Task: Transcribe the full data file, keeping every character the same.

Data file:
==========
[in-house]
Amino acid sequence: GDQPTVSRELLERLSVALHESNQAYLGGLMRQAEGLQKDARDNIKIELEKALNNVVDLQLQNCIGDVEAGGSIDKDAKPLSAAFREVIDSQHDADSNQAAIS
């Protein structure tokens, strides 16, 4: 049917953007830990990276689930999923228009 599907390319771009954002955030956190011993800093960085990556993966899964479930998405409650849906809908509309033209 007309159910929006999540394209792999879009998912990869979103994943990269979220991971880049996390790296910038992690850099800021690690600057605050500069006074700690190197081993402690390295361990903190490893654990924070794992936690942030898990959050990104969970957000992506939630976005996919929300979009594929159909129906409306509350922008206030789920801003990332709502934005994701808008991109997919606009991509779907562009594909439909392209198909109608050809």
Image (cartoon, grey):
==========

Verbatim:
[in-house]
Amino acid sequence: GDQPTVSRELLERLSVALHESNQAYLGGLMRQAEGLQKDARDNIKIELEKALNNVVDLQLQNCIGDVEAGGSIDKDAKPLSAAFREVIDSQHDADSNQAAIS
């Protein structure tokens, strides 16, 4: 049917953007830990990276689930999923228009 599907390319771009954002955030956190011993800093960085990556993966899964479930998405409650849906809908509309033209 007309159910929006999540394209792999879009998912990869979103994943990269979220991971880049996390790296910038992690850099800021690690600057605050500069006074700690190197081993402690390295361990903190490893654990924070794992936690942030898990959050990104969970957000992506939630976005996919929300979009594929159909129906409306509350922008206030789920801003990332709502934005994701808008991109997919606009991509779907562009594909439909392209198909109608050809």
Image (cartoon, grey):